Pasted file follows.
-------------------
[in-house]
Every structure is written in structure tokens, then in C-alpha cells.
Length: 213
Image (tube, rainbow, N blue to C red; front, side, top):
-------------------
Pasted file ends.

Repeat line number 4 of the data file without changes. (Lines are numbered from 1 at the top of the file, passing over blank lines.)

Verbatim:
Image (tube, rainbow, N blue to C red; front, side, top):